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Adherence to Antihypertensive Therapy--Data Analyses

This study has been completed.
Information provided by:
National Heart, Lung, and Blood Institute (NHLBI) Identifier:
First received: November 28, 2000
Last updated: March 15, 2016
Last verified: May 2005
To assess factors that may influence adherence to antihypertensive drug therapy.

Cardiovascular Diseases Hypertension

Study Type: Observational
Study Design: Time Perspective: Retrospective

Further study details as provided by National Heart, Lung, and Blood Institute (NHLBI):

Study Start Date: September 1999
Study Completion Date: August 2002
Detailed Description:


High blood pressure continues to be a highly prevalent condition affecting about 20 percent of the U.S. population. Untreated, it may lead to coronary heart disease, stroke, kidney failure, and other complications. Medication is a major means of controlling hypertension and averting these debilitating consequences. Treatment with drugs, however, is undermined by suboptimal adherence to therapy. Forgetting to take medications is the most commonly elicited reason for lapses in medication use; but side effects, health beliefs, lack of knowledge of disease and treatment instructions, and financial barriers may also interfere. Determining those factors that (1) are predictably associated with fluctuations in adherence (such as day of the week, holidays, medication appointments); (2) ameliorate the impact of nonadherence, such as pharmacologic properties of drugs that protect patients during adherence lapses; and (3) correlate with the accuracy of adherence reporting by patients will assist in anticipating and addressing adherence obstacles and serve as the objectives of the study.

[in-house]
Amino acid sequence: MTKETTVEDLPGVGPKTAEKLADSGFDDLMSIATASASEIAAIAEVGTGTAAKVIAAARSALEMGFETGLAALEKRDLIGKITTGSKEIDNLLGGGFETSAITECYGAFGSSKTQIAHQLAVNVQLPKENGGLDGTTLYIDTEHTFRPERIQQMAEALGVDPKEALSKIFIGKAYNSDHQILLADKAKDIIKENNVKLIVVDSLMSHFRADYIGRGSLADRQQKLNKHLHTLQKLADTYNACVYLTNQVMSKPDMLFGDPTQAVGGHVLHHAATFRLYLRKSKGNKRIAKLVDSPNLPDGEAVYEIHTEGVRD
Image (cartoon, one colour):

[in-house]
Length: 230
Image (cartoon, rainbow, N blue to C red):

The study used data collected from electronic adherence monitors, questionnaires, and computerized medical records that contained blood pressure readings during a prior investigation of antihypertensive adherence. This earlier investigation, conducted from 1994 to 1997, involved 286 members of Harvard Pilgrim Health Care who were on single drug therapy for mild to moderate hypertension. Objective 1 evaluated the impact of temporal factors such as weekend versus weekday, holidays, seasons, and impending medical appointments on adherence by analyzing their effects on the daily rate of dosing recorded by electronic medication monitors. Time trend models were used for this purpose. Objective 2 assessed the impact of pharmacologic duration of action on the level of antihypertensive adherence required to maintain a goal blood pressure of <140/90 mmHg. This involved determining if the relationship between adherence and blood pressure was modified by the duration of drug effect. Objective 3 concerning correlates of accuracy of reported adherence was approached by verifying reported adherence against electronically measured adherence. Predictors and correlates of accurately reported adherence such as patient age, gender, race/ethnicity, education, socioeconomic status, health beliefs, and measures of health status were then identified by cross tabulating and statistical modeling accurate reporting against these factors.

The study completion date listed in this record was obtained from the "End Date" entered in the Protocol Registration and Results System (PRS) record.


Ages Eligible for Study:   up to 100 Years   (Child, Adult, Senior)
Sexes Eligible for Study:   Male
Accepts Healthy Volunteers:   No
No eligibility criteria
  Contacts and Locations
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Please refer to this study by its identifier: NCT00006552

Sponsors and Collaborators
National Heart, Lung, and Blood Institute (NHLBI)
OverallOfficial: Peter Choo Brigham and Women's Hospital